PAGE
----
The world has been unfair about my country, Somaliland; despite it has remarkably achieved enormous political successes in the midst of hostile Horn region over the past two decades. The economy is currently progressing. So is the democracy. Our traditional state-building approach is believed to be a useful lesson for African states, particularly those who have failed to put their pieces together. We, Somalilanders, milk in peace with so little bi-literal support, and yet our hopes are high.
In this piece, however, I am very concerned (and little more critical) about Somaliland’s development. As a Somaliland student who has a bright future ahead of him, I feel obliged to comment about our state of affairs before it gets too late. I cannot be silent and soldier on with my ‘private business’ when the national duty is calling. So let this brief message be a wake-up call for all of you!
Somaliland has rarely seen a statesman like Egal, the founding father of modern Somaliland. I, therefore, longed for a visionary leader that is elected not because of the clan he happens to be, nor the mere promises he makes during election campaigns, but a pledge is given because of the wisdom of his political character. We- Somalilanders- are desperately in search of a leader who gets no more hectic about the worldly ‘things’ but instead makes us all great!
I dream of such a country where its leadership commit bringing about social, political and economic changes for the benefit of all. I hope that there will be a time very soon when transparency becomes the catchphrase for governance and the public servants are truthful and serve well for their needy people.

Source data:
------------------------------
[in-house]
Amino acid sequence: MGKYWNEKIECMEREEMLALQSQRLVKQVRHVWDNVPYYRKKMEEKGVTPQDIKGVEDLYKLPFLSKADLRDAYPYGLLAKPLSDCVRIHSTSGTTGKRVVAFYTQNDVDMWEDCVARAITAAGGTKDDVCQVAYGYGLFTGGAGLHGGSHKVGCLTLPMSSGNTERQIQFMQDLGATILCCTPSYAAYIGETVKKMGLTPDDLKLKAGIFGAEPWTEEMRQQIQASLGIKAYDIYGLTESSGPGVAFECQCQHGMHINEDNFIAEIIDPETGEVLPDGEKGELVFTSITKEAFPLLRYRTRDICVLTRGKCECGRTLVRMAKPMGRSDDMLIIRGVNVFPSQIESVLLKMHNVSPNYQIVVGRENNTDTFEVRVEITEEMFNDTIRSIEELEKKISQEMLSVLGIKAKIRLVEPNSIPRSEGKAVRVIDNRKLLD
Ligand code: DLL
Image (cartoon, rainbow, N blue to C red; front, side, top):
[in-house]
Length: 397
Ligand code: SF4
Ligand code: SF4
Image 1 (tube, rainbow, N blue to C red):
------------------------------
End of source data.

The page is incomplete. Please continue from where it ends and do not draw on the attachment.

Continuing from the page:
In the same spirit of patriotism, I vision of a country where its youth genuinely interact in a meaningful way beyond their localities instead of quarrelling about the ‘dirty politics’ and making short stories about ‘clannism’ in social media.
Let’s work for recreating our Somaliland society where its pillars are built on firm foundations. As such we-Somalilanders- must know that education is the essence of a prosperous state. Its recognition is a key to making a civilised society with its members harmoniously live together. Let’s think of school as the seed that produces our tomorrow’s religious scholars, doctors, engineers and civil servants. With this in mind, I confidently believe that if our students and their teachers are not well-taken care of it today, needless to say, that we’ll again fall apart.
In sum, Somaliland is at cross-roads, and I thus appeal for every Somalilander to put the public interests way above their private interests. Because for all that I suggested, none requires substantial investments; it instead needs the wisdom of great leadership that recognises its significance at this time. Let’s work for a better future where we will be a shining example of peace, prosperity, progress and brotherly co-exist with our neighbours and world at large.
Abdikadir Askar is a Vice President of Uganda Somaliland Students’ Association (USOLSA). He is currently studying a Bachelor’s of Arts in Public Administration at Kampala International University.